Connect with us

This Indiana Store Offers DIY Design of Dog Collars and Leashes

Competing in dog sports inspired the owner to offer custom products made from BioThane.

mm

Published

on

IMAGINE BEING ABLE to offer customization of collars and leashes — from lengths and widths to materials and embellishments — at an affordable price. Samantha Youngblood does exactly that at Youngblood Natural Animal Care Center & Massage in Greenfield, IN. Dog sports inspired this profitable area of her business.

THE IDEA

“I compete in a lot of dog sports,” Youngblood says. “And dog sports people are obsessed with collars.”

Collars and leashes color coordinate with competitor themes, like that of her flyball partner Berserk: mermaids. The Bostie wears blue, pink and purple.

Youngblood had already been carrying dog sport-friendly leashes made from BioThane, a nylon webbing with PVC coating that makes it more durable, waterproof and easy to clean. Fellow competitors who shopped at her store began asking for collars, too.

In 2017, she partnered with a local artisan to make them.

“I started doing plain collars, and then they were like, can you do sparkles, can you do jewels, can you do 2 inches, can you do 3/4 inch? It blossomed from there.”

Soon, pet parents outside of the dog sports community began placing custom orders.

Youngblood collars

THE EXECUTION

Customers can begin the design process at the store, which stocks a small inventory for inspiration or purchase. More examples are in a photo book there, while online shoppers can look at photos on Facebook.

Youngblood will then go over the various options and discuss their suitability.

If “they have a Yorkie, maybe a 2-inch collar is not going to be great,” she explains, adding that her recommendations vary by intended wear as well. Dog sports competitors bring on the bling for shows, but like pet parents choose more simple collars for everyday wear.

From there, Youngblood says it’s all about “making their vision come to life.” She then fills out an order form, referencing designs in the book and noting customization. Completed items typically arrive at the store within five business days, for pickup or shipping.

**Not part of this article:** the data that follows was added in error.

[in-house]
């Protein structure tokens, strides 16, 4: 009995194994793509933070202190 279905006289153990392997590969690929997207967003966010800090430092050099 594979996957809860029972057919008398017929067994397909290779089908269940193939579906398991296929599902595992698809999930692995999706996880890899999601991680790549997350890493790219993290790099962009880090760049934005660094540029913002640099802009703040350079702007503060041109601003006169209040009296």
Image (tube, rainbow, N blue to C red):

THE RESULTS

Youngblood sells 30 to 50 custom collars and leashes a month, the latter during peak dog sport and the holiday seasons. Two main factors drive the steady sales: BioThane and customization.

BioThane looks and feels like leather but at a more modest cost, allowing her to offer high-quality, custom-made products at a much lower price. Even with a 70 percent markup, her most expensive collar to date retailed for $80, and “it had 150 jewels on it.” Most collars run $30 to $45, with leashes at $10 to $12.

Meanwhile, affordable customization encourages repeat orders, especially from dog sports competitors who like to regularly refresh their dog’s gear.

Do It Yourself: 5 Steps to Custom Collars

  • LOCATE AN ARTISAN. Youngblood found hers through a local groomer who uses his loops and leashes. Hiring local reduces turnaround time and saves on shipping.
  • START SMALL. Keep 10 or so collar and leash examples on hand to guide customers through the design process.
  • CREATE YOUR PHOTO BOOK. Photograph your examples, then shoot every collar and leash you customize. Print, laminate, hole-punch and put photos in a binder. Send copies to your artisan for reference with orders.
  • SHARE ON SOCIAL MEDIA. Post photos on your store’s channels with contact info for ordering.
  • GET SPORTY. Find the dog sport organizations and facilities in your area to discuss cross-promotional efforts and vendor opportunities.

To learn more about how Youngblood offers custom collars and leashes at her store, watch the interview!

Pamela Mitchell is the Editor-in-Chief of PETS+. She works from her home office in Houston, TX, with Ty the Boston Terrier as her assistant.

Most Popular